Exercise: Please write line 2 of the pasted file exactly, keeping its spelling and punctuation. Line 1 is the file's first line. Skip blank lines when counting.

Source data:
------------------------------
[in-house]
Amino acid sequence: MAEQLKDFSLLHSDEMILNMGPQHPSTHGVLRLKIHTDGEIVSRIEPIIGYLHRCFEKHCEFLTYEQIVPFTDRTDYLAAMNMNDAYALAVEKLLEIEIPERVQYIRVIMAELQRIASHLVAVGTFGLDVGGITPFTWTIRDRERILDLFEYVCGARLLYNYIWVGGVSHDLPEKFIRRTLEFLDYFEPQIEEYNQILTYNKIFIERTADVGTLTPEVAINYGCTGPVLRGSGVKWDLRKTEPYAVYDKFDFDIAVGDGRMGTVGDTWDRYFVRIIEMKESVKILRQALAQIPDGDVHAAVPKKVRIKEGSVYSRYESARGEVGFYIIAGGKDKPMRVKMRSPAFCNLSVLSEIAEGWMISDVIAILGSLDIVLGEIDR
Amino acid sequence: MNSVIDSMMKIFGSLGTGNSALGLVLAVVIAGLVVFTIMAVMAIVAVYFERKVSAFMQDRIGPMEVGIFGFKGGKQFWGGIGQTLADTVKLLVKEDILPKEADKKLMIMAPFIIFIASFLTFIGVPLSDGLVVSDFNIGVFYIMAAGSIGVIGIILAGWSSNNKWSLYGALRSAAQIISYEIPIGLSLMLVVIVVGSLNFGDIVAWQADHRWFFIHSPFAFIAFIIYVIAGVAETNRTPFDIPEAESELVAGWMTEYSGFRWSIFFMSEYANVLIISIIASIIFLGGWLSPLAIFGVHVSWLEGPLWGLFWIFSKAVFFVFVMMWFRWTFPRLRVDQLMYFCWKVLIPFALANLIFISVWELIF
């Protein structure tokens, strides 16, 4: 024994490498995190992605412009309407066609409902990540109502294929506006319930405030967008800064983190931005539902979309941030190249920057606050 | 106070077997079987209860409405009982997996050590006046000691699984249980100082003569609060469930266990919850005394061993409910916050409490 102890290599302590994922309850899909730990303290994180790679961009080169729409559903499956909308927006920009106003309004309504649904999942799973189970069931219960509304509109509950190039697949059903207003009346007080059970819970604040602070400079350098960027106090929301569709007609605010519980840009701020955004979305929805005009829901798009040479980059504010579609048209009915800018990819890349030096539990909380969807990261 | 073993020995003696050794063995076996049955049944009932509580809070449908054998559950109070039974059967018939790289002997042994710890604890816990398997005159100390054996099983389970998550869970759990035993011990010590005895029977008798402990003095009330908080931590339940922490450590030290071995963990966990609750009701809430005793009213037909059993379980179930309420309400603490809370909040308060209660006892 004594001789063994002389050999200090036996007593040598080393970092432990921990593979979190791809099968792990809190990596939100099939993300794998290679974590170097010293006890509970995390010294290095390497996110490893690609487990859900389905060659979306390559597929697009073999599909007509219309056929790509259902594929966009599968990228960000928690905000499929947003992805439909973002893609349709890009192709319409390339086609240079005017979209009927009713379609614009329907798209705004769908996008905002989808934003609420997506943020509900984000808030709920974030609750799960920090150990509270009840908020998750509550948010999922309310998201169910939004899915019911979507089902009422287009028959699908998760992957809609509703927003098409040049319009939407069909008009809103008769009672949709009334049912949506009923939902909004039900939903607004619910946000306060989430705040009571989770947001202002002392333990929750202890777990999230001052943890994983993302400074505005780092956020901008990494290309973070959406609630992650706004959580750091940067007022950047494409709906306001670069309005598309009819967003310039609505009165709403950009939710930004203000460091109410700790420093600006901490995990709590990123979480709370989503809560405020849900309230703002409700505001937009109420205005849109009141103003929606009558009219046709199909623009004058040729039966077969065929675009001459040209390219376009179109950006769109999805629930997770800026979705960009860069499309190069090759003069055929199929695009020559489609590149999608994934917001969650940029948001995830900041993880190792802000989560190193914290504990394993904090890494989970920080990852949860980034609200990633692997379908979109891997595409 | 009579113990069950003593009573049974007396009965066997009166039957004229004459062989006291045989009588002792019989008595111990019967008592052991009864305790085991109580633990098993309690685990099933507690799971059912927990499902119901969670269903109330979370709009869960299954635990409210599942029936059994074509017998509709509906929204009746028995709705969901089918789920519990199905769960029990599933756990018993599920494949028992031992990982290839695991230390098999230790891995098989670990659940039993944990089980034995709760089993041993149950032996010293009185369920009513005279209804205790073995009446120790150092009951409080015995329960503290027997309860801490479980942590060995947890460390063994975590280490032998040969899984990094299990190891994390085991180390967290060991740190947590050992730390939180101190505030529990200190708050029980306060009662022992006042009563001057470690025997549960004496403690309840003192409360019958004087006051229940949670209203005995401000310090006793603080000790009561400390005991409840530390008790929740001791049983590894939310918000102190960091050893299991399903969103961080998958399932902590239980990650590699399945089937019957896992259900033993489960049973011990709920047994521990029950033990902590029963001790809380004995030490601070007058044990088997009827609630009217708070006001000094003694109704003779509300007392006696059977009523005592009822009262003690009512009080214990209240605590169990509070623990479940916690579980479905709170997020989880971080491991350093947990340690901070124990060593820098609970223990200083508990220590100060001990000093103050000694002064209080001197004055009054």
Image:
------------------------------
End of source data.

Amino acid sequence: MAEQLKDFSLLHSDEMILNMGPQHPSTHGVLRLKIHTDGEIVSRIEPIIGYLHRCFEKHCEFLTYEQIVPFTDRTDYLAAMNMNDAYALAVEKLLEIEIPERVQYIRVIMAELQRIASHLVAVGTFGLDVGGITPFTWTIRDRERILDLFEYVCGARLLYNYIWVGGVSHDLPEKFIRRTLEFLDYFEPQIEEYNQILTYNKIFIERTADVGTLTPEVAINYGCTGPVLRGSGVKWDLRKTEPYAVYDKFDFDIAVGDGRMGTVGDTWDRYFVRIIEMKESVKILRQALAQIPDGDVHAAVPKKVRIKEGSVYSRYESARGEVGFYIIAGGKDKPMRVKMRSPAFCNLSVLSEIAEGWMISDVIAILGSLDIVLGEIDR